I have had an Anova Precision Cooker for a few months now, and I have fallen in love with foods cooked sous vide. The texture achieved, simplicity and reliability have made it a fantastic addition to my kitchen which I love to experiment with.
Fruitful Market is an all-organic grocery and kitchen that opened less than a year ago at Dundas and Carlaw where they have quickly become a welcomed edition to the Chic Leslieville neighbourhood. Fruitful Market stocks daily essentials from fresh produce, dairy, meat and grocery items to coffee and prepared salads and sandwiches for take-out.
The owner, Yannis Banks, comes from a finance background but has always loved food and grew up working in his mother’s restaurant. A couple of years ago, Yannis worked with an organic fertilizer company that led him to research organic agriculture and he became very aware of soil health and how greatly it can affect the nutrition in produce. Thus, Fruitful Market was created out of a desire to find and supply truly nutrient-dense food and the concept has evolved to include a kitchen where the produce brought in can have two functions/purposes.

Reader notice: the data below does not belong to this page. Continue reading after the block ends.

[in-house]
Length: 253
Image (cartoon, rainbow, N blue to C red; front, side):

It’s funny how you can spend your spare time day dreaming about what to cook for a class assignment, but those million ideas are thrown out the window as soon as you notice a whole rabbit on sale for $5/lb ($11/kg) at the grocery store. This rabbit called to me, the vegan cashier nagged me, and the cycle of life continues. In total, I paid $15.66 for the 3lb (1.4kg) rabbit.
Every spring I say I’m going to fill my cupboards with homemade jams and preserves. The produce is full of flavour that I have missed through winter, yet somehow every summer just zooms by and come November, when I start thinking about Christmas gifts, there is little fresh produce left to work with. I’m left to be creative within the season, and currently that means pears.
When I think of exotic fruits, I remember my first trip through Chinatown as a teenager. Shop displays encompass sidewalks giving the sea of pedestrians little room to shuffle along. Shop keepers yell out, talk, and laugh with customers in Mandarin. Elderly women pull full shopping carts, caring little for feet they run over. And the displays! Piles upon piles of unknown fruits, vegetables, backpacks, trinkets and foul smelling dried fish. I grew up in Toronto, yet I felt culture shock for the first time. Chinatown is a world of its own, a place for inspiration and discovery. When our Food Theory assignment was to become a fruit hunter, I knew exactly where to go. Continue reading “Fruit Hunting”